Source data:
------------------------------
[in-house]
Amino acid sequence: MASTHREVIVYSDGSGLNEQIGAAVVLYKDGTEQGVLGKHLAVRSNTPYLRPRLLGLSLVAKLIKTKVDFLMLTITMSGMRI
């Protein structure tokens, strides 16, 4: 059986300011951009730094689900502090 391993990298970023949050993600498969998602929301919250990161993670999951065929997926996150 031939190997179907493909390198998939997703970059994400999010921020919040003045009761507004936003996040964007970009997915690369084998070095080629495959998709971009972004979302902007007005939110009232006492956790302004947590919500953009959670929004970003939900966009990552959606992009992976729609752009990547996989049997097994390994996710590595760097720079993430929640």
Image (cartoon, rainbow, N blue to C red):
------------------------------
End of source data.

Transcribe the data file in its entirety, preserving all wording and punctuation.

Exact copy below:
[in-house]
Amino acid sequence: MASTHREVIVYSDGSGLNEQIGAAVVLYKDGTEQGVLGKHLAVRSNTPYLRPRLLGLSLVAKLIKTKVDFLMLTITMSGMRI
């Protein structure tokens, strides 16, 4: 059986300011951009730094689900502090 391993990298970023949050993600498969998602929301919250990161993670999951065929997926996150 031939190997179907493909390198998939997703970059994400999010921020919040003045009761507004936003996040964007970009997915690369084998070095080629495959998709971009972004979302902007007005939110009232006492956790302004947590919500953009959670929004970003939900966009990552959606992009992976729609752009990547996989049997097994390994996710590595760097720079993430929640």
Image (cartoon, rainbow, N blue to C red):